Blue Mass – September 2007

Today we welcome all of you once again to this annual observance of our Diocesan “Blue Mass”. Celebrated in many dioceses across the country since the 1930’s, this Mass honors the “men and women in blue”; but we honor not only those dressed in blue – for today your uniforms come in all shades. We honor all of you – law enforcement officers, firefighters, emergency personnel. You are the first responders – that thin blue line – that make our neighborhoods communities and not jungles.

In today’s first reading, St. Paul talks about his efforts to do the Lord’s work. “For this,” he says, “I labor and struggle in accord with the exercise of his power working in me.” Your work as first responders is indeed the Lord’s work. “To serve and protect” is more than a slogan – it is a worthy and noble vocation, a true calling and a path to holiness for those who embrace this calling as a way to respond to God’s commandment: love your neighbor as you love yourself. And while loving our neighbor can indeed be a labor and a struggle at times, we must always be conscious of his power working in us.

Often times, the Blue Mass is observed on or about the Feast of Saint Michael the Archangel. St. Michael who defeated the forces of evil and stands guard at the gates of heaven is a fitting patron for law-enforcement officers. We invoke his intercession asking that he be our “defense against the wickedness and snares of the Devil.” The 91st Psalm reminds us that “the Lord has put angels in charge of you to guard you in all your ways.” And I am sure that more than once in the line of duty you have felt the protection of your own guardian angel. But, you too are angels 24/7 doing good, saving lives – you also defend us everyday “against the wickedness and snares of the Devil.”

But just as these invisible messengers of God protect us, each one of you carries out your duty often unnoticed and unappreciated – until we get into a jam and need to call 911.” And transcripts of those 911 calls reveal how drastic and heartrending are so many of those emergencies you respond to. And on this the eve of that ill fated September 11 of six years ago we recall how the 911 transcripts of that day underscored the heroism and nobility of your profession.

Jesus didn’t take the Sabbath off when it came to doing good, and you too must often work Sundays and Holidays, sacrificing time you could have spent with your families. And as we can see from today’s gospel, Jesus–just like you–spent much of his time responding to “distress calls.” As you respond to those “distress calls” that come to you, keep Jesus as your model, your guide and your source of strength. The gospels recall how Jesus responded to people’s distress with great compassion, for he understood the frailty of our human nature; but he was also no push-over. While treating everyone with dignity, he administered tough love. He never condoned behavior unacceptable in the eyes of God or harmful to one’s neighbor.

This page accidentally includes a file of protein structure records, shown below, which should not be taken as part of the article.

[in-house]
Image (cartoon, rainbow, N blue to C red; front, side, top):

And as you try to respond the way Jesus would to those distress calls that come you way, don’t be afraid and don’t be ashamed to allow Jesus to respond to your own distress. In other words, never hesitate to “stretch out your hand” to the Lord so that he may heal you in body, mind or soul. Because you so often see the darker side of our fallen human nature, so as not to give into cynicism or discouragement – the occupational hazard of your jobs – you like the man with the withered hand also need his healing touch, a touch that can be found in peer support but also in prayer and in the Sacraments of the Church.

Today gives us the opportunity to lift you up in prayer. We ask God to keep you safe from all harm; and we pray for the repose of the souls of all who have fallen in the line of duty. And we thank God for you as you serve and protect us. In defending the weak, in protecting the honest, in fostering peace in our communities, you recognize that our lives are gifts from God. Yes, our lives are gifts from God – so that in turn we can give them to others.

St. Michael the Archangel, patron of police officers, pray for us.
St. Florian, patron of firefighters, pray for us.
St. Luke, patron of medical personnel, pray for us.
Mary, Mother of God and our Mother, pray for us and lead us to Jesus, to Jesus who heals us and enables us to be healers and forces for peace and justice in our community.